Choksy served at Arthur Road Hospital until 1922; indeed, his name came to personify the hospital. Between 1902 and 1921 he also supervised the Maratha Plague Hospital, which treated only plague patients. In recognition of his work during the plague epidemics, the British administration gave Choksy the title Khan Bahadur.
Choksy was a pioneer in using alternate allocation of patients to compare alternative treatment strategies (Choksy 1900, 1901, 1903, 1908, 1909a). His controlled trials of Alessandro Lustig’s serum were reported in The Lancet (Choksy 1900), The Indian Medical Gazette (Choksy 1901), and The British Medical Journal (Choksy 1908).
“The object with which this series was started was to determine the statistical value of the serum, and hence it was resolved to conduct observations in 1000 cases of plague, 500 to be treated with the serum and 500 by ordinary methods, the latter acting as controls, and the cases were to be taken for treatment alternately [emphasis in original] in the order of admission and without any attempt at exclusion of any sort [emphasis in original].” (Choksy 1900)
In the 1901 account of the study reported in The Indian Medical Gazette, Choksy concludes:
|1)||the serum exerted a distinctly favorable influence on the course of plague,|
|2)||where it failed to avert death, it had prolonged life|
|3)||it did not exert much effect in those types of plague characterized by an extremely high mortality rate|
|4)||its application was mainly limited to the bubonic type of plague|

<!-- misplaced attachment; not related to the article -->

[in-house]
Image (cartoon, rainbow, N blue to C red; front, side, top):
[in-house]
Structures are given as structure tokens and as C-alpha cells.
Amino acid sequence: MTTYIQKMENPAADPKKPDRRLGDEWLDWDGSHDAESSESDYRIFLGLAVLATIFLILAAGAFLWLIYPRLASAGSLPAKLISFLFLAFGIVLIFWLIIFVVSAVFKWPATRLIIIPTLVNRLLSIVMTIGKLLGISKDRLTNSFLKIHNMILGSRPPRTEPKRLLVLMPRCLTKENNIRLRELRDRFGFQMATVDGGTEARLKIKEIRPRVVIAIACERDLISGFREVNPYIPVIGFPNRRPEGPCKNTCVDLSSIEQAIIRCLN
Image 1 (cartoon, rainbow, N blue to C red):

|5)||encouraging results (59.3%) of recoveries had been obtained, and it would be more useful, in private practice, where cases were seen early in the course of the disease|
|6)||it exerted no deleterious influence on the patient but was capable of conferring immediate but temporary immunity against plague, this immunity lasting from ten to fifteen days. (Choksy 1901)|
Choksy served on the Procedure Sub-Committee and the Transactions Committee for the 1909 Bombay Medical Congress. In his presentation to the Congress entitled ‘The serum therapy of plague in India’ (Choksy 1909a) he described the treatment of 275 cases with subcutaneous injection of Lustig’s serum and noted that the investigations made by the Plague Research Commission had indicated that recovery was indeed possible. Successive reports show a gradual recognition that obtaining useful evidence entailed excluding both moribund and convalescent cases from the trials.
He notedthat although the serum treatment prolonged life in septicaemic cases, it did not always ensure recovery.
In addition to his papers on serum therapy (Choksy 1909a) and symptomatic treatment of plague (Choksy 1909b), Choksy presented papers on the treatment of cholera (Choksy 1909c) and Bombay relapsing fever (Choksy 1909d).
From early in his career Choksy retained a special interest in leprosy. In 1890, Bombay’s Municipal Commissioner, HA Acworth, selected Choksy as Superintendent of the new Homeless Leper Asylum at Matunga, a post he occupied until his transfer to the Arthur Road Hospital in 1897. Choksy studied leprosy medically, observing the habits and problems of the inmates of the Asylum – vagrant lepers arrested for spreading ‘an infectious disease dangerous to life’ (Choksy 1893). He remained on the management board of the Homeless Leper Asylum until 1934. In 1924, a quasi-official body, the Indian Council of the British Empire Leprosy Relief Association, launched a major initiative to control the spread of this dreaded disease. Choksy was named Honorary Secretary of the Bombay Provincial Branch of the Association.